There has been an angry reaction to the news that the government has halved the budget for personal security alarms provided to the elderly to enable them to live independently.
Age Action Ireland spokesman, Eamon Timmins said the cuts would make life harder for older people. “These cuts will undermine the ability of some older people to continue living independently in their own homes, denying them alarms which would provide them with peace of mind,” he said.
And the Carers’ Association described the cuts as “yet another example of hitting the most vulnerable in society”.
Government grants for the alarms, intended to assist older people to live independently in greater safety, have dropped from €2.45 million last year to €1.15 million.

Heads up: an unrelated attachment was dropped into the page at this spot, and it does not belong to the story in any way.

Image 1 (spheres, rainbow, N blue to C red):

The grants allow community groups to provide alarms under the Seniors Alert scheme. An average of 7,900 alarms annually have been supplied in the last three years.
Vanessa Clarke of Community Alert said the decision to only provide grants to people living on their own this year has caused outrage in the community. “The main aspect of the cuts that has caused outrage is that only an elderly person living on their own can apply for the grant. Elderly couples or siblings living together are no longer eligible.”